SYDNEY (Reuters) – Asian shares stumbled in holiday-thinned trading on Monday as China’s decision to cancel talks with the United States sparked fears of a protracted trade war, while oil rallied as Saudi Arabia ruled out increasing supplies to cool crude prices.
A man walks in front of a screen showing today’s movements of Nikkei share average outside a brokerage in Tokyo, Japan, June 2, 2016. REUTERS/Issei Kato/File Photo
U.S. stock futures slipped 0.2 percent, while spreadbetters pointed to a subdued start for Europe with futures for Eurostoxx 50, Germany’s Dax and London’s FTSE all opening in the red.
MSCI’s broadest index of Asia-Pacific shares outside Japan fell almost 1 percent. Hong Kong was the worst performer with its Hang Seng index down 1.7 percent.
Share markets in major Asian centres Japan, China and South Korea were closed for a holiday on Monday, while currency markets were subdued as banks in those countries were shut.
Investors were squarely focused on the Sino-U.S. trade war as China added $60 billion of U.S. products to its import tariff list, retaliating against U.S. duties on $200 billion of Chinese goods that came into effect at 0401 GMT Monday.
China also cancelled mid-level trade talks with the United States, as well as a proposed visit to Washington by Vice Premier Liu He which had been scheduled for this week, the Wall Street Journal reported.
Soon after the duties went into effect, China accused the United States of engaging in “trade bullyism”, the official Xinhua news agency said. Xinhua cited a white paper on the trade dispute published by the State Council to say China was willing to restart negotiations with the United States in an “equal and mutually beneficial context.”
“This shows China will not hold talks under tariff threats,” said Frances Cheung, head of Asia macro-strategy for Westpac.
“If the United States is using threat as a tactic, it does not seem to work,” Cheung added. “Markets have low expectation that a deal can be reached before U.S. mid-term elections.”
The intensifying dispute between the world’s two biggest economies has spooked financial markets worried about the impact on global growth.
The Japanese yen, which sees fund inflows during times of crisis, held above a recent two-month trough at 112.6 per dollar while the trade-sensitive Australian dollar slipped from a 3-1/2 week top to $0.7263.
“Both the U.S. and China are digging in, and increasingly the subtext seems to be as much about advancing a trade ideology as it is about rescinding trade tariffs,” said John Bilton, head of global multi-asset strategy at JPMorgan Asset Management.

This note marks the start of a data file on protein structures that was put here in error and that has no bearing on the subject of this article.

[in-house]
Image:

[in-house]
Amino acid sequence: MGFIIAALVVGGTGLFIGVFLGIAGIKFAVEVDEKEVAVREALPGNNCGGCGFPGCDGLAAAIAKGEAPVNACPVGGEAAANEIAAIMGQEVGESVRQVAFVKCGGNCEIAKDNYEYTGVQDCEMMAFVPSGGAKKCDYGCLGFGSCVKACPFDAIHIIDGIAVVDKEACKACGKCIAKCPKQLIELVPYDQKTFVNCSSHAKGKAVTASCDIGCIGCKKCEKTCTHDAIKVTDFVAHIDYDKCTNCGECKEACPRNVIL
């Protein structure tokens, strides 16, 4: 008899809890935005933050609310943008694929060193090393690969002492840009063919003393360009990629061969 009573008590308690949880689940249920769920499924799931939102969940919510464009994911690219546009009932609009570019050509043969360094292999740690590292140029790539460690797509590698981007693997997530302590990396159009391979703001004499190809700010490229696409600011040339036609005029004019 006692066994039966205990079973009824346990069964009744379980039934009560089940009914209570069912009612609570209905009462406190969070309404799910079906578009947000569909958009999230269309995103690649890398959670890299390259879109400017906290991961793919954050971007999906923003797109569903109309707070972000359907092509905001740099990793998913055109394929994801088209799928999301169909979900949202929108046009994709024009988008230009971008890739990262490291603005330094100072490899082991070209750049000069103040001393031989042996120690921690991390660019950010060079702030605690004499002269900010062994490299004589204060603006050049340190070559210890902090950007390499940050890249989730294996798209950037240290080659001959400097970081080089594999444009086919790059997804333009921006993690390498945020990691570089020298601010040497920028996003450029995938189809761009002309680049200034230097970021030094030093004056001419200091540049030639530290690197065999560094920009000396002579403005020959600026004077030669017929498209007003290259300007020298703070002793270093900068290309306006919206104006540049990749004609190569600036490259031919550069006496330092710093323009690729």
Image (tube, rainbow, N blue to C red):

“As a result, both the extent and depth of any economic impact are being recalibrated,” Bilton said.
“So while we continue to be constructive on the global economy over the coming quarters, it is hard to see the current surge in U.S. activity morphing into another period of coordinated global growth.”
(For a graphic on ‘Asian stock markets’ click tmsnrt.rs/2zpUAr4)
BREXIT AND FED
Britain’s negotiation with European Union will be another key issue for investors, with risks of a ‘no deal’ or ‘hard Brexit’ shooting up again.
On Friday, British Prime Minister Theresa May said talks with the European Union had hit an impasse after the bloc’s leaders rejected her “Chequers” plan without fully explaining why. Opposition leader Jeremy Corbyn said on Sunday he would back a second Brexit referendum if his Labour Party votes to pursue the move, heaping more pressure on May, amid speculation that she could opt to call a snap general elections.
The pound last at $1.3072, slightly above Friday’s $1.3053 which was the lowest since mid-September.
The euro eased from a three-month peak on Monday to last trade at $1.1733.
The dollar index, which measures the greenback against a basket of major currencies, was last at 94.315 to edge above its weakest point since early July touched on Friday.
Late last week, the dollar was hammered as investors ramped up bets that the U.S. Federal Reserve will be near the end of its rate-hike cycle after an expected increase this week.
Oil prices gained as OPEC’s leader Saudi Arabia and its biggest oil-producer ally outside the group Russia effectively rebuffed U.S. President Donald Trump’s calls for action to lower prices.
Brent crude futures gained $1.60 to a four-month peak of $80.3 a barrel while U.S. crude futures shot up $1.3 to $72.10, a level not seen since early July.
Editing by Shri Navaratnam and Richard Borsuk